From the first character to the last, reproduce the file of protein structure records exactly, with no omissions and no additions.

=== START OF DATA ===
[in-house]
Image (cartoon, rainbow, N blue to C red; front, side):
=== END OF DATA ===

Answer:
[in-house]
Image (cartoon, rainbow, N blue to C red; front, side):